Published On : Tue, Sep 29th, 2015

3 toddler’s plea to SC to stop sale of firecrackers in Dussera and Diwali


National: When it comes to fighting for one’s rights, three toddlers have topped it. Three toddlers aged between 6 and 14 months have moved the Supreme Court seeking its intervention to stop the sale and use of loud firecrackers during Dussera and Diwali while asserting their right to be brought up in a pollution-free environment.

These petitioners including toddlers Arjun Goyal, Aarav Bhandari and Zoya Rao Bhasin of Delhi have filed a petition through their fathers and have sought the Supreme Court’s intervention in the matter. They had to resort to this since the authorities have failed to take adequate measures to curb air and noise pollution.

“They are foremost prone to lung disease, asthma, coughing, bronchitis, retarded nervous system development and cognitive impairment,” the petitioners submitted and urged the court to issue immediate orders restraining government agencies from issuing licenses for sale of firecrackers in the Capital.

The widespread use of firecrackers in Delhi – declared the most polluted city in the world by the World Health Organization – during the festive season exposes vulnerable infants to severe diseases such as asthma and worsens their lung conditions, the petition said.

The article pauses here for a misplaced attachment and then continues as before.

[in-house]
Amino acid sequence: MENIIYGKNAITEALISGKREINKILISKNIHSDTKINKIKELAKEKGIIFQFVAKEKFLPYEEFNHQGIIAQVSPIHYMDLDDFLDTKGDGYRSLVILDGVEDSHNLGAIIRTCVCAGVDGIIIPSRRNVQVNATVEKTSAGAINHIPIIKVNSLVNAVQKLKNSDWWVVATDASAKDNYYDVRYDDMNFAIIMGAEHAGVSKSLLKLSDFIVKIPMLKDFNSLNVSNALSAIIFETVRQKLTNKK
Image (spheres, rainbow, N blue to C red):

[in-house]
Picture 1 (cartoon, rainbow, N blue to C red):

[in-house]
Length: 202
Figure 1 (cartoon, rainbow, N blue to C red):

Asserting their fundamental right to a clean and healthy environment under Article 21, the toddlers said, “The right to breathe clean air is essential for a conducive environment for growth and development.”
Though the top court has declared the state as the protector of natural resources, the latter has failed to perform its job effectively, the petition alleged.

Authorities haven’t laid down any guidelines to ensure that manufacturers or sellers conform to environmental norms while distributing these crackers. A look at the licenses will “show that environmental and pollution concerns are furthest from the minds of the Government representatives,” the petition said.

Several reports from health journals and research papers were given to the court in support of the petition to show how pollutants released from fireworks worsen the lung conditions of children.

“The imminent advent of festivals that involve widespread fireworks are a clear and present danger to the health of the Applicants and the other children who are residents of Delhi,” the petition said.

It cited a study in Bangalore that shows how a widespread awareness campaign and enforcement mechanisms led to a sharp 32% decrease in pollution levels there during Diwali time in 2013 compared to a year ago.

The top court in 2005 issued directions to restrict the use of fireworks and fixed a 10 pm deadline for their use. It also changed the basis for evaluating fireworks from the noise level to its chemical composition.

The petition said the ruling brought some respite to Delhiites but studies thereafter revealed that cases of wheezing, respiratory diseases, exacerbation of bronchial asthma and bronchitis increase by 40% during Diwali.